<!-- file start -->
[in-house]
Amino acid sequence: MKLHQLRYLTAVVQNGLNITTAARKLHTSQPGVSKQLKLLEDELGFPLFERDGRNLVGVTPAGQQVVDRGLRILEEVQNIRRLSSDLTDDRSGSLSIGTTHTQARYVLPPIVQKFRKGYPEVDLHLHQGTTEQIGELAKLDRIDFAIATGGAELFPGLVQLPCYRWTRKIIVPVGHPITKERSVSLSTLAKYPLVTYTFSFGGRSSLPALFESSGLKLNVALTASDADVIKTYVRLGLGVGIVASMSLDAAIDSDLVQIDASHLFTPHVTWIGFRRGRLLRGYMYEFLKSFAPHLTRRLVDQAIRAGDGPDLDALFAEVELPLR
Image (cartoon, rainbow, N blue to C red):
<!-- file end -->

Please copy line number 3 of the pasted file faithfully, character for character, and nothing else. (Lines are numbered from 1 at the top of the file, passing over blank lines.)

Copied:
Image (cartoon, rainbow, N blue to C red):